Kwan v. Wells Fargo Bank, NA et al

Filing 46

ORDER Sua Sponte Dismissing Second Amended Complaint Without Prejudice for Lack of Subject Matter jurisdiction. Signed by Judge Gonzalo P. Curiel on 1/17/2014. (srm)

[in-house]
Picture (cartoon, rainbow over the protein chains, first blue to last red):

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1 2 3 4 5 6 7 8 UNITED STATES DISTRICT COURT 9 SOUTHERN DISTRICT OF CALIFORNIA 10 WILLIE KWAN, 11 12 13 14 15 16 17 18 19 20 21 22 23 24 vs. CASE NO. 12CV1793-GPC(MDD) Plaintiff, WELLS FARGO BANK, N.A., individually and as successor by merger to AMERICA’S SERVICING COMPANY, a National Association; MORTGAGE ELECTRONIC REGISTRATION SYSTEMS, INC., a Delaware Corporation; CARRINGTON MORTGAGE SERVICES, LLC, a Delaware Limited Liability Company; ALL PERSONS UNKNOWN CLAIMING ANY LEGAL OR EQUITABLE RIGHT, TITLE, ESTATE LIEN OR INTEREST IN THE PROPERTY DESCRIBED INT EH COMPLAINT ADVERSE TO PLAINTIFF’S TITLE THERETO; and DOES 1-100, inclusive, ORDER SUA SPONTE DISMISSING SECOND AMENDED COMPLAINT FOR LACK OF SUBJECT MATTER JURISDICTION Defendants. On July 20, 2012, Plaintiff filed a complaint alleging thirteen causes of actions 25 under federal and state law concerning the validity of his mortgage loan. (Dkt. No. 1.) 26 On October 22, 2012, District Judge Gonzalez denied as moot Defendants’ motion to 27 dismiss and motion to strike and granted Plaintiff’s motion for leave to file an amended 28 complaint. (Dkt. No. 17.) On October 29, 2012, Plaintiff filed a first amended -1- [12cv1793-GPC(MDD)] 1 complaint alleging six causes of action under federal and state law. (Dkt. No. 18.) On 2 December 6, 2012, the case was transferred to the undersigned judge. (Dkt. No. 26.) 3 On July 23, 2013, the Court granted Defendants’ motion to dismiss and denied as moot 4 Defendants’ motion to strike and granted Plaintiff leave to file a second amended 5 complaint. (Dkt. No. 34.) On September 27, 2013 the Court held an order to show 6 cause hearing for Plaintiff’s failure to file a second amended complaint. (Dkt. No. 41.) 7 At the order to show cause hearing, both counsel appeared and the Court accepted the 8 proposed second amended complaint by Plaintiff. (Id.) On September 26, 2013, the 9 second amended complaint (“SAC”) was filed. (Dkt. No. 40.) The SAC alleges two 10 causes of action for negligence and breach of contract. (Id.) On October 25, 2013, 11 Defendants filed a motion to dismiss the SAC based on the two state causes of action. 12 (Dkt. No. 42.) An opposition and reply were filed. (Dkt. Nos. 44, 45.) 13 14 Discussion The federal court is one of limited jurisdiction and the burden rests on the party 15 asserting jurisdiction. Kokkonen v. Guardian Life Ins. Co. of America, 511 U.S. 375, 16 377 (1994). It possesses only that power authorized by the Constitution or a statute. 17 See Bender v. Williamsport Area Sch. Dist., 475 U.S. 534, 541 (1986). It is 18 constitutionally required to raise issues related to federal subject matter jurisdiction, 19 and may do so sua sponte. Steel Co. v. Citizens for a Better Env’t, 523 U.S. 83, 93–94 20 (1998); see Nevada v. Bank of America Corp., 672 F.3d 661, 673 (9th Cir. 2012) (it 21 is well established that “a court may raise the question of subject matter jurisdiction, 22 sua sponte, at any time during the pendency of the action, even on appeal.”) 23 Accordingly, federal courts are under a continuing duty to confirm their jurisdictional 24 power and are “obliged to inquire sua sponte whenever a doubt arises as to [its] 25 existence . . . .” Mt. Healthy City Sch. Dist. Bd. of Educ. v. Doyle, 429 U.S. 274, 278 26 (1977) (citations omitted). “If the court determines at any time that it lacks subject27 matter jurisdiction, the court must dismiss the action.” Fed. R. Civ. P. 12(h)(3). 28 There are two bases for federal subject matter jurisdiction: (1) federal question -2- [12cv1793-GPC(MDD)] 1 jurisdiction under 28 U.S.C. § 1331; and (2) diversity jurisdiction under 28 U.S.C. § 2 1332. A district court has federal question jurisdiction in “all civil actions arising 3 under the Constitution, laws, or treaties of the United States.” 28 U.S.C. § 1331. A 4 district court has diversity jurisdiction “where the matter in controversy exceeds the 5 sum or value of $75,000, . . . . and is between --citizens of different states, or citizens 6 of a State and citizens or subjects of a foreign state . . . .” 28 U.S.C. § 1332(a)(1)-(2). 7 The SAC alleges jurisdiction is invoked under federal question pursuant to 28 8 U.S.C. §§ 1331 (federal question), 1343 (civil rights), 2201 (declaratory judgment), 9 2202 (declaratory judgment), 15 U.S.C. § 1692 (Fair Debt Collection Practices Act), 10 and 42 U.S.C. § 1983 (civil rights). (Dkt. No. 40, SAC ¶¶ 3, 5.) The SAC does not 11 assert any cause of action under a federal statute. The second amended complaint 12 alleges only two state law causes of action for negligence and breach of contract. 13 Moreover, plaintiff has not demonstrated or alleged diversity jurisdiction. 14 Accordingly, the Court concludes that it does not have subject matter jurisdiction over 15 the SAC. 16 17 Conclusion Based on the above, the Court DISMISSES without prejudice the second 18 amended complaint for lack of subject matter jurisdiction. 19 IT IS SO ORDERED. 20 21 DATED: January 17, 2014 22 23 HON. GONZALO P. CURIEL United States District Judge 24 25 26 27 28 -3- [12cv1793-GPC(MDD)]

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